Notes (NET Translation)
8 First of all, I thank my God through Jesus Christ for all of you, because your faith is proclaimed throughout the whole world.
The opening word, “first,” implies a series, but Paul never comes to a “second” or “next.” It is hard to know whether Paul simply forgets to maintain the sequence he begins or whether the phrase functions here simply to highlight what Paul considers of primary importance (cf. NEB, “Let me begin . . .”). In either case, Paul draws special attention to his thanksgiving, a feature typical of Paul’s letters.1
Paul thanks “my God” as a note of personal intimacy with God (see also 1 Cor 1:4; 2 Cor 12:21; Phil 1:3; 4:19). The thanks is through Jesus Christ, either as the mediator of the thanks to God or as the one who has created the access to God for such thanks to be offered.
Since they were at the center of the Roman Empire, it is not surprising that the faith of the Romans was well known (“throughout the whole world” is hyperbole). The generally good reputation the Romans have also comes with the responsibility to be an example to other Christian communities.
9 For God, whom I serve in my spirit by preaching the gospel of his Son, is my witness that I continually remember you
To assert something and call upon God as witness is tantamount to speaking under oath. Paul frequently uses oath formulae to stress the importance of something he wants to say (cf. 2 Cor 1:23; 1 Thess 2:5, 10; cf. Rom 9:1; 2 Cor 11:31; Gal 1:20), and for the most part he does so when speaking of what takes place in his inner life, for which there are no other witnesses. Käsemann says: ‘it probably indicates that Paul did not know that Jesus prohibited oaths’, but it is more likely that Paul’s use of oath formulae reflects the early church’s understanding that Jesus’ teaching was directed against inappropriate use of oaths rather constituting a blanket prohibition.2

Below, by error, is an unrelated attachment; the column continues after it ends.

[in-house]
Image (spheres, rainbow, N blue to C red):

When Paul says he serves in his spirit he probably means that the deepest part of him engages in ministry. This ministry consists of preaching the good news concerning God’s Son. Paul continually remembered the Romans in the sense that he prayed for them at frequent and regular intervals (v 10).3
10 and I always ask in my prayers, if perhaps now at last I may succeed in visiting you according to the will of God.
Paul’s travel are ultimately in God’s hands (Acts 16:6-10). “Of course circumstances would conspire such that Paul would get there [Rome] later than he hoped, and not as a free man either.”4
11 For I long to see you, so that I may impart to you some spiritual gift to strengthen you,
Regarding the “spiritual gift”, Moo writes:
“Spiritual gift” is a literal translation of the Greek and may refer to that kind of spiritual gift which Paul elsewhere denotes simply with “gift” (charisma; cf., e.g., Rom. 12:6; 1 Cor. 12, passim). But Paul never elsewhere uses the combination “spiritual” and “gift” with this meaning, and the indefinite focus here — “some” — makes it difficult to think that Paul has in mind his special ministerial gift(s). Others think that Paul refers to “spiritual blessings” that he hopes will result from his ministry in Rome. But we should think rather of an insight or ability, given Paul by the Spirit, that Paul hopes to “share” with the Romans. What gift Paul may want to share with the Romans cannot be specified until he sees what their needs may be. Whatever it is, its purpose will be to “strengthen” their faith.5
Schreiner disagrees with Moo: